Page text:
Ancient Egyptians possibly had a penchant for harsh punishments


A wall carving from Ancient Egypt makes a straightforward case for brutality, by entailing the punishment for stealing animal hides – ‘100 lashes and five wounds’. For long, researchers were confused about the literal nature of such a severe punishment. But now, it seems many of such harsh disciplinary and retributive actions were actually undertaken during the rules of the Pharaohs – as is evidenced from the human remains inside a modest cemetery, in the ancient Egyptian capital of Amarna. These skeletons belonged to five middle-aged men, and their analysis clearly show stab wounds along the shoulder blades (probably by a spear). And the odd part was – these were not fatal wounds; on the contrary, the gashes were made in such a manner so that the worker could return to his laborious endeavor after a brief respite.

Now objectively, such intentional-yet-not-fatal stabbings do make practical (albeit discriminatory) sense, since legions of laborers were seen as collective ‘commercial assets’ for infrastructural developments of huge settlements and religious structures. In fact, many of the workers were kept in unsanitary conditions and fed with inadequate diets – while they were expected to labor hard all throughout the day. One apt example would relate to the city of Amarna itself. Designed as a grand settlement with its imposing stone temples and palaces, the entire city was constructed in a very brief time period, and that too inside a desert region – all under the harsh orders commanded by Pharaoh Akhenaten.


Akhenaten, Nefertiti and their children ‘attended’ by the rays of the sun, Aten.

As for the wounds made in this case, the archaeologists (from Southern Illinois University) noticed how the ‘strategic’ slot-shaped gashes in the skeleton blade couldn’t have been made during the heat of any battle or even during accidental falls. Simply put, the injuries were made from behind, with the assailant aptly positioned to inflict the wound. Now reverting to literary evidences, mentions of such punishments do exist. For example, a thief charged with stealing an oxen was supposedly punished with 100 blows and five wounds. Similar punishments also existed for higher ranked official and overseers who supervised major construction projects. On the other hand, the tax evaders were forcibly laid face-down on the ground and then unceremoniously flogged or beaten.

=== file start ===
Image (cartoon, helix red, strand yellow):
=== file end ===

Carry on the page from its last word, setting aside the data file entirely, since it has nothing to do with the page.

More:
However, things also took a more dark turn, with capital punishments reserved for rare crimes. For example, tomb robbers were immediately sentenced to death, while other criminals had their ears and noses cut off so as to send a message to the public. There also also more oddball rules, like the one that entailed death by stabbing when caught for the crime of killing a cat (a creature sacred to the Egyptians – according to Herodotus).

Simply put, all of these punishments existed partly because the Ancient Egyptians did have the concept of jail-time. As for the brutal punishments given to the workers in question here, the actions were intentionally taken so as to maintain an air of discipline for mitigating potential revolts. In any case, the bigger answer might very well lie in the often overlooked skeleton-blade specimens found in different parts of Egypt other than just Amarna.


A 3d reconstruction (by Amarna3D)  of the ancient Egyptian city of Akhetaten, now known as Tel el Amarna in Egypt. This was the home of Akhenaten and the birthplace of Tutenkhamen.

The article was originally published in our sister-website Realm of History.

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